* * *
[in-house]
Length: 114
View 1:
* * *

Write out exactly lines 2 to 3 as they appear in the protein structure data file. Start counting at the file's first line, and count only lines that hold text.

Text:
Length: 114
View 1: